Sydney driverless trains
Sydney driverless trains

The figures show an average of more than 66,000 passengers flowing into Sydney's new driverless metro trains every weekday in the first two months of operation despite the wave of unrest.

The Sydney Northwest Railroad, which is 36 kilometers long from Chatswood to Ross Hill in northwestern Sydney, is also used as the East Suburbs Line, Sydney's busiest fourth train line in the past June and July.

Statistics showed that the number of passengers in Chattswood and Epping stations, which operate as passenger terminals, increased by 18 percent in July, compared to the same month in the previous year.

Stations between the two interchanges, such as Macquarie Park and North Ryde, also saw an increase of 17 to 19 percent in the number of passengers who used it during July, compared to the same month in the previous year when double-decker trains were operating.

A 13-kilometer stretch from Epping to Chatswood was incorporated into the Northwest metro line for nine months before the latter opened for travelers on May 26.

Matthew Hounsell, transportation data analyst at the Institute for Sustainable Futures, said that the new line's movement showed that people responded well to comprehensive iterative services.

And he continued, “The growth of almost 20% on a yearly basis is really good. We are seeing changes in behavior patterns but they haven't subsided yet .. It usually takes 9 to 12 months for people to really get used to the new transfer option because people don't immediately change their habits. ”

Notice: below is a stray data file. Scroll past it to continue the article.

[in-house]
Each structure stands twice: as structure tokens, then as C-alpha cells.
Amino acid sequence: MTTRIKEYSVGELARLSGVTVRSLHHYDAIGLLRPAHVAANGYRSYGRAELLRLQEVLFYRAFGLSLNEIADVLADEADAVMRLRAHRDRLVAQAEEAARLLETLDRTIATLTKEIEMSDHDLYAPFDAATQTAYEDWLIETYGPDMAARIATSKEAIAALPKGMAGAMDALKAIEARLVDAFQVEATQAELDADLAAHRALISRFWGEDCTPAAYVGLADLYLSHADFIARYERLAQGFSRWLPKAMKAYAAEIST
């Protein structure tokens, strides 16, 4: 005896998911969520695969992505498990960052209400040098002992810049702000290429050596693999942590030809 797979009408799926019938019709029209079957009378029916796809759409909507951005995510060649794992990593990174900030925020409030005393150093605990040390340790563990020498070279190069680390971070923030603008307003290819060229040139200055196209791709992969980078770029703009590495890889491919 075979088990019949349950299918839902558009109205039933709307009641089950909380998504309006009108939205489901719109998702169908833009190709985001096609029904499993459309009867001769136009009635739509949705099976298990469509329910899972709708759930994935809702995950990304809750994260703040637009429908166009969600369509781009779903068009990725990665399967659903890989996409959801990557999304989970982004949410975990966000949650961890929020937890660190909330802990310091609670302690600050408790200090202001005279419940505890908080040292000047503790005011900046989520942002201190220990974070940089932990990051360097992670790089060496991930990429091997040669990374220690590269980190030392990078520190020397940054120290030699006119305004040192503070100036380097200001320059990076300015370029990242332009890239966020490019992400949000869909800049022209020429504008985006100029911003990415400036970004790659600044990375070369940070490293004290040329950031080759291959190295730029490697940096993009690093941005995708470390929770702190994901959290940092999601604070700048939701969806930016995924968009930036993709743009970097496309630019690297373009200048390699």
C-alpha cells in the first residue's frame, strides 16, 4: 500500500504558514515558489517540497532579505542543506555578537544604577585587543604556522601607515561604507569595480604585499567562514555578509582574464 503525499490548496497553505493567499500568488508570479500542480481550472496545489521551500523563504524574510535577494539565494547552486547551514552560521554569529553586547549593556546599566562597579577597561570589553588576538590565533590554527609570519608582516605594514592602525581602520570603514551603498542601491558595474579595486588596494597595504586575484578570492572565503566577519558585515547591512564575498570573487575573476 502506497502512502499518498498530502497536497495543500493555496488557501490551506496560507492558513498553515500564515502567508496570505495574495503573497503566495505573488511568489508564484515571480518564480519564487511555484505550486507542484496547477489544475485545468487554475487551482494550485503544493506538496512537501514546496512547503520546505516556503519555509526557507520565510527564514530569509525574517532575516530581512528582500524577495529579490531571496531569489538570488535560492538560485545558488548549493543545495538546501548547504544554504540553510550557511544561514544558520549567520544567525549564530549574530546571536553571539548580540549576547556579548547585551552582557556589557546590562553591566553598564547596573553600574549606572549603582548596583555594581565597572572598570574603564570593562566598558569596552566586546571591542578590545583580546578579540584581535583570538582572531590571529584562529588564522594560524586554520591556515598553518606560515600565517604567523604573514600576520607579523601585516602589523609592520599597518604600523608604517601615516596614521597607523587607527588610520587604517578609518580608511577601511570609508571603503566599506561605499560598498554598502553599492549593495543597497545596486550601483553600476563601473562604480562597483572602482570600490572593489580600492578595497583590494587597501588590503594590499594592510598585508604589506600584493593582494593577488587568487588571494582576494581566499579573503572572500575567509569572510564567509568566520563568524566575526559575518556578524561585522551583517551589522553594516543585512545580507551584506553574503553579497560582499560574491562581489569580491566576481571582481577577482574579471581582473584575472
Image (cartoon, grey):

Mr. Hunsell said the movement on the single-deck metro trains was strong on Sunday, averaging about 60 percent of the week. By comparison, Sydney trains average an average of 42 percent on weekdays, on Sundays.

However, the process tarnished a series of service turmoil in the first months.

The Minister of Transport, Andrew Constance, stressed that the causes of the disturbances, such as a technician breaking the glass on the fire suppression system, have nothing to do with it.

He said last week: "There is no systemic problem emerging here."

But he added that he wanted improvements in the speed of incident response, including the time it takes for replacement buses to replace trains when the line is temporarily closed.

Elie Riri, Macquarie University student from Cremorne, loves new trains but said there were a number of teething problems. She said that the doors of the train sometimes closed very quickly, barely allowing passengers in and out.

Her fellow university student, Rachel Dobby, from Central Coast, said the increased train traffic meant she would leave Macquarie University station more quickly to home.

Tom Schien, a linguist at Macquarie University, also loves the new line, although it still takes about 40 minutes to travel from his place near the central train station in Sydney Mall to the university.

He said, "It is the same thing at the moment because I have to leave [Sydney Rail Services to take the metro trains] in Chatswood or Epping ... and as soon as it opens from the central it will be good."

The second phase of the metro line from Chatswood, under Sydney Harbor to the city center, and to Sydenham and Bankstown, is scheduled to open in 2024 at a cost of about $ 12 billion.

Highway operator Toll said recently that the opening of the new line has resulted in a 2 percent drop in traffic on the M2 motorway and Lane Cove tunnel as some passengers choose trains.